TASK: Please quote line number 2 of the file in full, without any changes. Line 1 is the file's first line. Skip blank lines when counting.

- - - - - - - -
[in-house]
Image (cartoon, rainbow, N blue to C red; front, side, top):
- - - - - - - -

Image (cartoon, rainbow, N blue to C red; front, side, top):